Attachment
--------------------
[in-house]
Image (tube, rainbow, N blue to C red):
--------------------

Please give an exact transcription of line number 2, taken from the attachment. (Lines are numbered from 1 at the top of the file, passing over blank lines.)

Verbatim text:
Image (tube, rainbow, N blue to C red):